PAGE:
Title: The Grey
Directed By: Joe Carnahan
Starring: Liam Neeson, Dermot Mulroney, Frank Grillo, James Badge Dale, Joe Anderson, Nonso Anozie, Dallas Roberts, Ben Bray
Liam Neeson and director Joe Carnahan are back together again, but this time around, they’re working with material that’s far less fun than The A-Team. But less fun doesn’t make The Grey a bad movie. In fact, it’s quite the opposite. Rather than turn The Grey into an utterly unrealistic survival adventure story, we get something far darker and, while it still has those handful of moments that make you think twice, it completely sells the severity of the situation.
Neeson’s Ottway works for a petroleum company in the icy tundra of Alaska. Amidst the other ex-cons, fugitives and “men unfit for mankind,” Ottway’s job is to keep them safe by shooting down invading wolves. When it’s time to return to society, Ottway and a number of his colleagues board a plane to Anchorage. Along the way, turbulent weather takes hold and the plane comes crashing down in the middle of nowhere – actually, in the middle of wolf territory.
The few survivors are thankful to be alive, but soon come to the harsh realization that they’re being hunted. With no food and few supplies, the group has to band together to keep each other safe from the wolves who look to viciously pick them off one-by-one.
Perhaps if you synopsize Taken, that movie would comes across as pretty grim, too, but The Grey really is particularly dark. Except for the fact that he’s being portrayed by Liam Neeson, there’s really not much to like about Ottway. Then again, Neeson is really all you need. Neeson’s a commanding force on the big screen and the same is true of Ottway. Unlike Bryan Mills in Taken, Ottway’s got no family, but he still steps up amongst the survivors, earning your concern, but in a wholly different way. You’re rooting for Ottway, but, at the same time, there’s still a degree of ambiguity to him and that only adds to the unease of The Grey.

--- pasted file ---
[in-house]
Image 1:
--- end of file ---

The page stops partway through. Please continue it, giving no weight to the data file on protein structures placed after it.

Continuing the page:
Typically, this is where the group comes in to fill out the necessary personalities. Yes, Joe Anderson functions as The Grey’s comedic relief and is particularly successful in the role, but, again, his character bears such a degree of tragedy that you can laugh at his jokes, but once the moment passes, you’re sucked right back into this bleak reality. Frank Grillo’s Diaz most certainly has the biggest personality of the bunch. The group’s loose cannon, we can always count on Diaz to spice things up, even when the wolves are at bay.
James Badge Dale and Dermot Mulroney function as the two more levelheaded survivors, which, at first provides a very necessary sense of hope, but when Ottway’s plan starts to unravel, also leaves room for more character development, keeping The Grey feeling rather fresh from beginning to end, despite the fact that their goal stays the same from start to finish.
Enhancing the all-around solid performances is cinematographer Masanobu Takayanagi’s keen eye for, well, the cold. On top of the white landscape and group’s desperate attempt to keep themselves from freezing by bundling up, Takayanagi really lets the treacherous conditions sink in, getting up close to capture their feet sinking deep into the snow and letting the snowfall command the front plain of his frames. There are a small handful of moments where it seems as though the snow was digitally inserted, but that’ll likely go unnoticed unless you’re looking for it.
Then there’s the blood and there’s certainly nothing more striking than getting a look at red-stained snow. The wolves in general make for a successful opposition. The pack doesn’t take form like co-writers Carnahan and Ian Mackenzie Jeffers seem to have wanted, differentiating the alpha from his subordinates, but as a whole, they’re threatening enough.
For those going into The Grey expecting the next Taken, you most certainly should turn your attention to Taken 2. (That is still happening, right?) Whereas Taken leaves you wanting to cheer for Neeson, The Grey leaves you with a bit of a pit in your stomach. Some of that comes from a rather unsatisfying ending, but it’s much more so because Carnahan absolutely nails the tone and while that might not have as broad of an appeal as the feel of Taken, it still is very good for what it is.